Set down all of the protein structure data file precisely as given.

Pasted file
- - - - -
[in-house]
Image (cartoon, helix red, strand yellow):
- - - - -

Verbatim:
[in-house]
Image (cartoon, helix red, strand yellow):